Seal of Acceptance Guidelines for Approval

The following guidelines were developed by Zoe Diana Draelos, MD FAAD

National Rosacea Society
Seal of Acceptance
Guidelines for Approval


Products suitable for rosacea sufferers should fulfill the following basic requirements:

  • Skin care products for rosacea sufferers should not damage the skin barrier.
  • Skin care products for rosacea sufferers should not induce vasomotor instability, characterized by facial flushing and blushing.
  • Skin care products for rosacea sufferers should not contribute to heightened neurosensory awareness, characterized by stinging, itching, and burning.

Skin Barrier

The skin barrier is defective in patients with rosacea. This defective skin barrier is due to chronic inflammation. Skin care products for rosacea sufferers should ideally avoid all ingredients that produce irritant and allergic contact dermatitis. They should be hypoallergenic and non-acnegenic to ensure inflammatory papules and pustules do not worsen with use of the product. To demonstrate skin barrier suitability, all products that receive the NRS Seal of Acceptance should pass human repeat insult patch testing (HRIPT) with a panel of at least 30 persons. In addition, safety-in-use testing should be conducted on a panel of at least 30 persons with rosacea to demonstrated non-acnegenicity and lack of skin barrier damage. An ingredient review should be performed by an expert panel of three dermatologists, selected by the National Rosacea Society, to confirm the absence of irritant and allergenic substances in the formulation.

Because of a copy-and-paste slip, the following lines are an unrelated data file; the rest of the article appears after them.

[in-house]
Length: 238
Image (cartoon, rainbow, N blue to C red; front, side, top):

Vasomotor Instability

Rosacea is characterized by easily provoked flushing and blushing of the face. Any substance that provokes vasomotor effects should not be included in facial skin care formulations for rosacea sufferers. These substances are usually minor irritants. The HRIPT testing suggested for skin barrier assessment will also cover this testing need. The safety-in-use testing on rosacea subjects to assess the ability of the formulation to induce flushing and blushing can be concomitantly conducted with the acnegenicity testing on the same subjects.

Heightened Neurosensory Awareness

The skin of rosacea sufferers is easily irritated leading to the sensory perceptions of stinging, itching, and burning characterized by heightened neurosensory awareness. The substances that cause noxious sensory perceptions in rosacea sufferers are:

  1. Sensates
    Sensates are substances that cause a sensory perception when applied topically. These substances include menthol, peppermint, wintergreen, capsaicin, etc. They are designed to produce a sensation when applied to the skin; however, in rosacea sufferers they may produce flushing and blushing. Skin care products suitable for rosacea sufferers should not contain sensates.
  2. Volatiles
    Substances that evaporate quickly from the skin surface due to their high volatility should also be avoided in skin care for rosacea sufferers as they can provoke a cooling sensory response. These include ethanol, isopropyl alcohol, etc. Most volatiles are also solvents that can further damage the skin barrier.
  3. Penetration Enhancers
    Substances that induce penetration do so by damaging the skin barrier. This skin barrier damage can be perceived as stinging, itching, or burning by the rosacea sufferer. Propylene glycol and ethylene glycol are two common penetration enhancers that should be avoided.

The panel of three dermatologists will also be able to assess the presence of ingredients in skin care formulations that might induce heightened neurosensory awareness. The safety-in-use testing previously suggested on 30 subjects with rosacea should also evaluate the presence of sensory issues within a given formulation.

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